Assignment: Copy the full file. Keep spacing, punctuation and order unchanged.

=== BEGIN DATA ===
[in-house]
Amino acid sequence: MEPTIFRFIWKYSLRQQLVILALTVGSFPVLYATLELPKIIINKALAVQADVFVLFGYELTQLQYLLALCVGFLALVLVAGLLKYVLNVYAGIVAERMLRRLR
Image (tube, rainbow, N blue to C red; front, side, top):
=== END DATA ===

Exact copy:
[in-house]
Amino acid sequence: MEPTIFRFIWKYSLRQQLVILALTVGSFPVLYATLELPKIIINKALAVQADVFVLFGYELTQLQYLLALCVGFLALVLVAGLLKYVLNVYAGIVAERMLRRLR
Image (tube, rainbow, N blue to C red; front, side, top):